They have been called the “sperm hunters”, a gang of beautiful women in Zimbabwe that travel the streets of Zimbabwe, having sex with unsuspecting, albeit willing men, and harvesting their condoms full of sperm.
News of the promiscuous crew has sparked fears of taboo rituals in Zimbabwe, where the men are preyed upon, drugged, lured and sometimes threatened into repeated bouts of sexual intercourse before they are dumped by the roadside.
“Now, men fear women. They said: ‘we can’t go with you because we don’t trust you’,” 19-year-old Susan Dhliwayo recounted in a Zimbabwe Times article.
The sperm is reportedly used in good luck “ju-ju” rituals.
In one recorded case of sperm hunting, the Nhokwara sisters and one of their boyfriends were charged with the bizarre crime of attacking male hitchhikers and harvesting their sperm for ritual purposes.
The sperm-hunting crew were exposed when they got into a car accident and 30 used condoms were found in their car boot.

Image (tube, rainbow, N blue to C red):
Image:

The group is facing a 17-count charge of aggravated incident assault even though a woman raping a man is not considered a criminal offence in Zimbabwe.
In their defence, the women denied allegations that they were sperm hunters, claiming instead that they were simply hard-working prostitutes.
Whatever the reason, the men of Zimbabwe are wary. One woman told the Agence France Presse that she had recently pulled over to assist male hitchhikers who refused to enter her car for fear of being raped.
Semen has become a lucrative commodity in Zimbabwe, University of Zimbabwe sociologist, Watch Ruparanganda said, adding that now businessmen furnish street youth with a hotel room, booze and prostitutes and asked to hand over the used condom after the fact.
The rituals could be for anything from enhancing good fortune, boosting business or protecting criminals from police detection.
The Zimbabwe National Traditional Healers Association slams the practice.
“We believe that this is a form of witchcraft. So we are totally against the idea,” said spokesman George Kandiyero.
“It has really frightened people,” he said. “It has really brought in a bit of shock because normally it was the other way round, normally we know of men raping women, not women raping men.”
“We do not have the exact number of confirmed cases,” said national police spokesman Wayne Bvudzijena of the phenomenon that was first publicised in 2009.
“These cases occurred mostly when the victims were hitchhiking and boarded private vehicles. We encourage people to use public transport.”